Philippines, Part 10: Luxury Travel, Filipino Style (Cebu)

We spent last week doing research, on stage at a Manila night club and on the catwalk at the Manila Sports Club. If you missed that episode or any other, you can find them here:

Philippines, Part 1: Have Baby, Will Travel
Philippines, Part 2: Do You Know How to XOOM?
Philippines, Part 3: Confessions of a Carseatless Baby (Vigan)

Philippines, Part 4: Strawberries and Cotton Candy (Baguio)

Philippines, Part 5: Hanging Coffins! (Sagada)

Philippines, Part 6: Voyage of the Icebox (Banauae & Batad)

Philippines, Part 7: Revenge of the Cockroaches (Manila)
Philippines, Part 8: Please Don’t Feed the Sharks (Anilao)
Philippines, Part 9: “Sexy Chic” at the Playboy Fashion Show (Field Study Research)
Philippines, Part 10: Luxury Travel, Filipino Style (Cebu)
Philippines, Part 11: Nuts to the Huts (Bohol)
Philippines, Part 12: If You Were Stranded on a Desert Island . . . (Panglao)
Philippines, Part 13: The Chocolate Hills (Bohol Again)
Philippines, Part 14: Trouble in Paradise (Malapascua)

With our wildly successful research project out of the way, we were ready to party it up in the Visayas, a group of beautiful islands south of the main island, Luzon. Because we were both cheap and adventurous (why do those two always go together so brilliantly?), we decided not to fly. Instead, we opted to take the Superferry. Some people were even cheaper and more adventurous than we were, and they bunked in large dorms with strangers during the 24-hour journey. We, on the other hand, booked Suiteroom #1, the most luxurious cabin on the ferry, and still a great bargain. Relatively speaking, it was indeed luxurious. For one thing, we were the only ones in it. For another, it had a private bathroom. Our baby was sleeping with us at the time, and we had a lot of experience in pushing furniture up against walls and strategically placing the bed so that she couldn’t fall out. So we had no trouble fixing up the bed so nobody would roll out of it, even when the sea was rolling under us.

There were only two problems with luxurious Suiteroom #1. First, there was a fairly bright light on the ceiling, which had no switch. We called in a member of the crew, who searched for the switch for a while, and finally told us that it needed to stay on for safety reasons. Fine. We settled down to sleep again, but were suddenly startled awake again by loud singing. It sounded like someone was in our cabin, performing an off-key serenade for us. Was this some extra perk for traveling in Suiteroom #1? We got up and traced the sound to a speaker located near the light. Again, we rang for a crew-member, and asked him how to turn off the speaker, which by this time we realized was broadcasting late-night karaoke from the ferry restaurant. Karaoke is a national passion in the Philippines. In fact, as we left Manila we were pleased to also leave behind the booming karaoke machine next door to our hotel. However, it looked like now we might just be out of luck when it came to avoiding karaoke. Our ever-helpful crew informed us that the speaker had to stay on, in case the captain needed to broadcast a safety message. He did show us the volume control, so we turned it down as low as it could go, and eventually went to sleep.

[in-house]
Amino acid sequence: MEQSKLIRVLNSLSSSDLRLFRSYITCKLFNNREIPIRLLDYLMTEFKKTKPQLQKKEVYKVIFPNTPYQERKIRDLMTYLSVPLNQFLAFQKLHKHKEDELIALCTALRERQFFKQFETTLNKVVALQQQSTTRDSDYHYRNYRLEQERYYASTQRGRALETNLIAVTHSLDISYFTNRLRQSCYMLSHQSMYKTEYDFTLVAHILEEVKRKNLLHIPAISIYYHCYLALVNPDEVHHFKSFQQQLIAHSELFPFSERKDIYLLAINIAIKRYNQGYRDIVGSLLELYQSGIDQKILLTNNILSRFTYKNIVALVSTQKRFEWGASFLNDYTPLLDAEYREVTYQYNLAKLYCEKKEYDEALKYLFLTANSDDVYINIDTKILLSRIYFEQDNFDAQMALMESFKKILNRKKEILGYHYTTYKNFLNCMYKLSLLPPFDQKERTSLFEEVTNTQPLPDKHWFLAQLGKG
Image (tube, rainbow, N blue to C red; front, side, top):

The Superferry docked at Cebu City, where we had been invited to stay at ACE (The Academy for Creating Enterprise). ACE was founded by the entrepreneur-in-residence at BYU (the Business School’s answer to the humanities department’s poet-in-residence). It is a school that teaches Filipino returned missionaries basic business skills and helps them to set up their own small businesses. Tony had a day there as a visiting professor, and gave a presentation about his research to the current class of students. That afternoon, we visited historical sites in Cebu City. We had already seen the miniature replicas of the Santo Nino in countless taxis throughout the city, so we stopped in at the Basilica Minore to see the Santo Nino himself, famous as the oldest Catholic artifact in the Philippines. He turned out to be a royally dressed little statue housed in an ancient stone church that has burned three times in its five hundred year history.